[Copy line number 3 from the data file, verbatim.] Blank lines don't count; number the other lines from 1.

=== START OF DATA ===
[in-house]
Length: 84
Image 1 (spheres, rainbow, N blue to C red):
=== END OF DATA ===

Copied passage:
Image 1 (spheres, rainbow, N blue to C red):